milan last edited by
Some thoughts…bear with me, there is a common thread to all of this…%0AAccording to Auditing Standard 2, an internal control deficiency exists when the design or operation of a control does not allow for the timely prevention or detection of misstatements. %0AThe standard defines two types of deficiencies:%0A. In a significant deficiency, there is more than a remote likelihood that the financial statements will be impacted in a manner that is consequential but not material.%0A. In a material deficiency, there is a significant deficiency, or combination of significant deficiencies, that results in more than a remote likelihood that a material misstatement of the annual or interim financial statements will not be prevented or detected. A 5% error in revenues is the usual threshold for labeling a deficiency as material because a smaller difference is not likely to sway a reasonable investor.%0AGiven this broad interpretation of materiality, application to SOX, and classification of a control deficiency, the following excerpts and comments to questions posed to the SEC might be helpful to clarify planning materiality for scoping considerations and determining reporting requirements:%0AFrom SEC Staff Accounting Bulletin, No. 99 - Materiality%0A1. Assessing Materiality %0AFacts: During the course of preparing or auditing year-end financial statements, financial management or the registrant’s independent auditor becomes aware of misstatements in a registrant’s financial statements. When combined, the misstatements result in a 4% overstatement of net income and a USD.02 (4%) overstatement of earnings per share. %0ABecause no item in the registrant’s consolidated financial statements is misstated by more than 5%, management and the independent auditor conclude that the deviation from generally accepted accounting principles (‘GAAP’) is immaterial and that the accounting is permissible.%0AQuestion: Each Statement of Financial Accounting Standards adopted by the Financial Accounting Standards Board (‘FASB’) states, ‘The provisions of this Statement need not be applied to immaterial items.’ In the staff’s view, may a registrant or the auditor of its financial statements assume the immateriality of items that fall below a percentage threshold set by management or the auditor to determine whether amounts and items are material to the financial statements? %0AInterpretive Response: No. %0AThe staff is aware that certain registrants, over time, have developed quantitative thresholds as ‘rules of thumb’ to assist in the preparation of their financial statements, and that auditors also have used these thresholds in their evaluation of whether items might be considered material to users of a registrant’s financial statements. %0AOne rule of thumb in particular suggests that the misstatement or omission of an item that falls under a 5% threshold is not material in the absence of particularly egregious circumstances, such as self-dealing or misappropriation by senior management. The staff reminds registrants and the auditors of their financial statements that exclusive reliance on this or any percentage or numerical threshold has no basis in the accounting literature or the law.%0AThe use of a percentage as a numerical threshold, such as 5%, may provide the basis for a preliminary assumption that without considering all relevant circumstances a deviation of less than the specified percentage with respect to a particular item on the registrant’s financial statements is unlikely to be material. %0AThe staff has no objection to such a ‘rule of thumb’ as an initial step in assessing materiality. But quantifying, in percentage terms, the magnitude of a misstatement is only the beginning of an analysis of materiality; it cannot appropriately be used as a substitute for a full analysis of all relevant considerations. %0AMateriality concerns the significance of an item to users of a registrant’s financial statements. A matter is ‘material’ if there is a substantial likelihood that a reasonable person would consider it important. In its Statement of Financial Accounting Concepts No. 2, the FASB stated the essence of the concept of materiality as follows:%0AThe omission or misstatement of an item in a financial report is material if, in the light of surrounding circumstances, the magnitude of the item is such that it is probable that the judgment of a reasonable person relying upon the report would have been changed or influenced by the inclusion or correction of the item.%0A…Under the governing principles, an assessment of materiality requires that one views the facts in the context of the ‘surrounding circumstances,’ as the accounting literature puts it, or the ‘total mix’ of information, in the words of the Supreme Court.%0AAlso…Evaluation of materiality requires a registrant and its auditor to consider allthe relevant circumstances, and the staff believes that there are numerous circumstances in which misstatements below 5% could well be material. Qualitative factors may cause misstatements of quantitatively small amounts to be material; as stated in the auditing literature.%0AIn a separate guidance document and authoritative source:%0ARules of Thumb%0AMateriality guidelines should not consist of an absolute amount that is applied to all entities. An absolute amount, such as USD100,000, may be immaterial to a large, multinational corporation but very material to a small company. %0AInstead, materiality is usually viewed as a relative amount that varies with the size of the entity. Therefore, rules of thumb are generally expressed as a percentage that is applied to some financial statement base. It is possible to use a rule of thumb whereby materiality percentages are typically represented by a sliding scale in which the percentage decreases as the size of the entity increases. In other words, as the size of the entity doubles, materiality increases but does not double in amount.%0AA number of financial statement bases are used to calculate planning materiality, including total revenue, total assets, pretax net income, and gross profit. Auditors generally select a base that is relatively stable, predictable, and representative of the entity’s size. A common rule of thumb for materiality is 5 percent to 10 percent of pretax net income. Because of the relative stability of total revenues and total assets, these bases are often used in practice to determine the amount of planning materiality.%0AConclusion%0AIt is acceptable to use a rule of thumb to provide a means to determine audit scope for planning purposes. However, as Denis states, consideration must also be given to qualitative factors and the exercise of sound professional judgment.%0AIn this case, I agree with Mike that, ‘…once in scope, always in scope - unless there is a significant permanent decline in the business (sale or closure of a portion of the business). We may cut back on the amount of testing or number of key controls tested, however, reflecting a change in risk and materiality to our consolidated financials.’%0AI suggest going with the 5% rule of thumb, but be adequately prepared to defend your position to the auditor and stakeholders. In the end, the decision as to the planned materiality level is best when the auditor concurs with the rationale and the methodology is applied consistently and appropriately.%0AHope this further helps,%0AMilan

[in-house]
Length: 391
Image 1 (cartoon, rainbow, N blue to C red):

Denis, Mike and Milan%0AWell guys, you have corroborated my stand on materiality. 5% of EBITA/Net Worth seems to be an universally accepted threshold. I have a detailed write-up on materiality in the scoping threads addressed somewhere else. From this year, I (the PMO Office (previously FRG was scoping) got the task of scoping business units this year and I would either employ a 1% of revenue/total assets or 5% of EBITA/Net Worth depending on the business unit’s bottomline, so as to reach the 90% revenue coverage.%0AThis is a pretty good forum.%0ACiao.
lekatis last edited by
I agree with Denis.
From a legal point of view, materiality depends on the facts and is to be determined on a case-by-case basis.
An omitted fact is material if there is a substantial likelihood that its disclosure would have been considered significant by a reasonable investor.
Having said that, as we always try to quantify qualitative elements, it is good to read: